There are currently a large number of well-characterized, ischemic stroke animal models available for pre-clinical research. These models can be categorized into those two groups – those for the study of stroke-associated risk factors and those for the study of stroke pathophysiology. The latter can be further separated into models of focal verses global ischemia and are listed:
Focal Ischemia Models
The most commonly employed model is that of middle cerebral artery occlusion (MCAO) in rats. MCAO is generally achieved mechanically and may be either transient with variable duration or permanent. It is highly reproducible, requires minimal surgical intervention, and produces predictable infarcts similar to clinical observations. Rats offer the advantages of being small enough to allow sufficient numbers to be included in studies without increased costs and yet large enough to allow monitoring of physiological variables during experiments.  However, the main disadvantage is that the brains of rats are quite dissimilar to humans in many aspects including of size, gross anatomy, neuroanatomical connectivity, cognitive ability, and cerebral vasculature. Further, young and healthy rats are typically used, which do not adequately represent the demographic of humans who tend to experience acute ischemic stroke – those with risk factors that include advanced age, cardiovascular disease, diabetes, and others. This is perhaps one reason why promising, new neuroprotective strategies developed in the pre-clinical setting often fail in clinical trials, emphasizing the fact that care must be taken when interpreting data and translating findings to the clinical setting. [1, 2]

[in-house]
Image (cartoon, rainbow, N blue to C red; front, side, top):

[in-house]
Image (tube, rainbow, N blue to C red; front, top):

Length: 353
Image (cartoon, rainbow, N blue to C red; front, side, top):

Despite these obstacles, our understanding of post-ischemic stroke neuroinflammation has advanced significantly with the help of in vitro systems and the MCAo, 4VO and other in vivo models and lessons taken from failed pre-clinical and clinical trials and autopsy results.